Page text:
Baseball Magazine

Don’t Eat the Cheese

By Meachrm @BaseballBTYard

Don’t eat the cheeseDuring the fall, many players and teams use their time (and better weather!) to identify areas where they struggled during the spring and summer and work  to improve upon them.  This is especially true for those who had poor seasons.

This time of year, I don’t tend to worry about the players and teams who struggled.  At some point in the fall or winter, they tend to recognize that improvement is needed and tend to work hard to address their shortcomings.  The group of players and teams I worry about are those who had tremendous spring and summer seasons.  That’s because sometimes they start eating the cheese.

“Eating the cheese” refers to reading your headlines and listening to how good people said you played over the course of the season.  Like the mouse that goes for the cheese, players and teams often find out the hard way that this line of thinking is a trap.  Players and teams that eat the cheese begin to think that improvements are for the other guys who didn’t have good years.  Why should they improve if they were all-tournament, all-league, all-conference, all-American, etc.?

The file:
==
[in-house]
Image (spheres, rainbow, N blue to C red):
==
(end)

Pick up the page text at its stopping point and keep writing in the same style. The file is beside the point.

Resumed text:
People who eat the cheese also tend to forget who their real competition is.  If they want to start next season, their competition might be the new kid who just moved into their school district.  If they want that scholarship, their competition might be a player clear across the country.  If they want to get drafted in the spring, their competition might be a very poor kid in a third world country who has a much bigger incentive to improve than most American kids.  If it involves a whole team, leadership typically slacks or becomes non existent. 

Play in the fall or wait until the winter.  There are benefits to both but either way, don’t eat the cheese.  

Keep improving because your real competition is either already better or gaining ground very quickly.

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